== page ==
Submitted by Ed Gibson; Vetted and edited by Cheri Todd Molter
One morning, while sitting at coffee with several other Cape Fear Round Table members, I heard Bill Jayne mention that there was a member of the 147th Pennsylvania buried at the Wilmington National Cemetery. Bill was stationed at the cemetery for several years and knows a lot of the history of the place. I asked him to repeat what he had said because my great-grandfather, Edward Gibson, was a member of that unit. Bill explained that an officer named Isaac Whitmer had been killed by friendly fire when Sherman’s troops occupied Fayetteville in March of 1865 and was later interred at Wilmington National Cemetery.
I researched Whitmer on the internet after visiting his grave at the cemetery. According to his military records, on September 15, 1862, Whitmer mustered into Company G of the 147th Pennsylvania Regiment. In March 1864, Whitmer was promoted to Sergeant Major. He was commissioned as a 1st Lieutenant in Company I, on October 7, 1864, but had not mustered in as a Lieutenant before he was killed. Although his body was originally buried in Fayetteville, North Carolina, it was reburied at gravesite #40 in Wilmington National Cemetery as previously noted.
I also found a diary that was written by Michael S. Schroyer, who served in Company G of that regiment, and contained information about Whitmer.
The following is an excerpt from Schroyer’s diary:
…Sherman keeps pushing the Rebels, and we march to Fayetteville and encamp. All the army corps had concentrated at Fayetteville. The 14th corps was the first to enter the town and took possession of the arsenal, etc. Here Sherman first came in communication with the outside world, having left Savannah, Georgia, on January 27, just 45 days. After this the army was in daily communication with the North.
The four corps and cavalry crossed Cape Fear River at this place, having only one pontoon bridge. General Joe Johnson was now in command of the Rebel forces and we had more or less skirmishing every day. Late in the afternoon of March 13, Monday, we were marched into the town of Fayetteville.
At this time the regiment was about ready to move and the boys were scattered around town. All were ordered to report at once. Sergeant Major Witmer [sic] had been sent over on the opposite side of the square where part of the regiment had been, previously detailed to help extinguish the fire. On his way back he passed General Beard’s headquarters of the 14th corps when two citizens from the opposite side of the street accused the Sergeant of being one who helped steal a barrel of flour. The guard called
out ‘Halt!’ When Witmer [sic] replied that he was a member of the 20th army corps, that he had nothing to do with the flour, for some reason unknown to any of us, Witmer [sic] did not stop. The guard again called ‘Halt!’ but he passed on, when the guard raised his gun and fired, the ball entering the back part of his head, passing thru and coming out just back of the forehead. (The guard who shot him was a member of the 105th Ohio regiment, Beard’s brigade, 14th army corps.) The boys of the regiment were so worked up and fearing a riot the Colonel moved the regiment across the river, leaving a detail to take charge of the corpse and give him a decent burial.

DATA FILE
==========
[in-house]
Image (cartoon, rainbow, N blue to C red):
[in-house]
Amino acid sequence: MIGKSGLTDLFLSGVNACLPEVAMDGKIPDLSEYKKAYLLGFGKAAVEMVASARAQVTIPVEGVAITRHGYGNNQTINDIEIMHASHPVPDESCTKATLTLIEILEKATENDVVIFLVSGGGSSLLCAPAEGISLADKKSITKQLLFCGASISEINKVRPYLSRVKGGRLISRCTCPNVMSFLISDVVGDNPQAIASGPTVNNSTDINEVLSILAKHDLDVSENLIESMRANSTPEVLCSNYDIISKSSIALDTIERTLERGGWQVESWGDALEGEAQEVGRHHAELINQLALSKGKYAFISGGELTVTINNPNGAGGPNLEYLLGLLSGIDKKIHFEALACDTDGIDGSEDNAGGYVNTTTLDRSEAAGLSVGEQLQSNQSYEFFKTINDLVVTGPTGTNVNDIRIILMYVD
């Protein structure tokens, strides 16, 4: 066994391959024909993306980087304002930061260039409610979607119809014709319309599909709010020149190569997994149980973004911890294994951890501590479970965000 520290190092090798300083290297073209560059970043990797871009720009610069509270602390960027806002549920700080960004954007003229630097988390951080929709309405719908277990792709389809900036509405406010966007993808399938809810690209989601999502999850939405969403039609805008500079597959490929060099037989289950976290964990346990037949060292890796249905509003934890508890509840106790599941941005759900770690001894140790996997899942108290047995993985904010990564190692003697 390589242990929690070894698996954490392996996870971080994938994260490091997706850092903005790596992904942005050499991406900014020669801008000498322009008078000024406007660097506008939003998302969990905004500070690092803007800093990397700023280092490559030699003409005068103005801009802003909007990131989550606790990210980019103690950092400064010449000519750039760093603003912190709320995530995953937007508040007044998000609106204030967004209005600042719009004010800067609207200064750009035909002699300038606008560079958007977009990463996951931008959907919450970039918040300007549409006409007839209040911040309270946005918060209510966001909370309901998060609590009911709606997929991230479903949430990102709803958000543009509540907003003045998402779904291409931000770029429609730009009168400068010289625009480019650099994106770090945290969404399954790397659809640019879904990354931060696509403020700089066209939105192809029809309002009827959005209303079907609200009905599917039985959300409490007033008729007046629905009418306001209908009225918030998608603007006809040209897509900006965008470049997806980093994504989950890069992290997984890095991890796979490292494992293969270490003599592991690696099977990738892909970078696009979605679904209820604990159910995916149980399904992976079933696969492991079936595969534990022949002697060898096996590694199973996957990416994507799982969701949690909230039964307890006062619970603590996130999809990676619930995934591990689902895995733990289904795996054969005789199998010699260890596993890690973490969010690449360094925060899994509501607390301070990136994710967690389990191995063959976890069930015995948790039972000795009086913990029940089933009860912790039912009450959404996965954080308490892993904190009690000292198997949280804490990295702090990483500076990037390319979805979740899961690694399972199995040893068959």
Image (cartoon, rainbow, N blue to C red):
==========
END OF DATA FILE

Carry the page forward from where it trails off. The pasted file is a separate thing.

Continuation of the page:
The funeral took place on the night of the 13th, or rather early on the morning of the 14th. The detail was as follows: Lieutenant B. T. Parks, Sergeant A. M. Eby, George D. Griggs, Jacob Garman, and the writer. We had a good deal of trouble in getting material for making a box. Thirty-two pieces of boards were used to construct it. We had been refused hatchet, nails, etc., by the citizens, but we took the liberty of looking for what we needed. When finished, a small bunch of hay was put in the box upon which to lay the head, a web of muslin was secured and several layers were put into the box, then the corpse was tenderly lifted off the ground, where he had been lying since he was shot, then several sheets of muslin was spread over him.
This was the first and only corpse the writer ever prepared for burial and we did the best we could. This was all done in the dark hours of the night.
After taking a last sad look upon our dear friend and comrade. the box was nailed shut and we waited for the morning. When at last dawn appeared we inquired of two darkies, who were passing, whether they knew where the cemetery was and they said they did. We told them we wanted them to go with us to the burying ground, but they said they had business for their master, and could not go.
We told them they must. We saw a buggy in an alley but could not use it, as the box would not fit either way we might fix it. The only way we had was to tear off the top and place the box on the springs; then with a darkey in the shafts and the other pushing we moved out to the cemetery. When there the colored fellows left us and we dug a grave. After depositing the corpse, Sergeant Eby placed a headboard and upon it inscribed the deceased’s name, and the regiment, rank and company to which he belonged.
While we were digging the grave a little boy came, sat down and watched us. A new grave had just been made near the one we had dug. When this little fellow said: “You bury your man better than this one right here was buried.” We asked him why, and he said: “You put yours in a box, the other was just thrown into the hole like a brute.”
The guard who shot Witmer [sic] was relieved at once and another placed on his post. Later he was tried by military court martial and acquitted. After the burial the detail left the cemetery, crossed the river and marched hard to catch up to the regiment.”
Sergeant Major Isaac Whitmer may not have been born a Tarheel, but he is one now forever.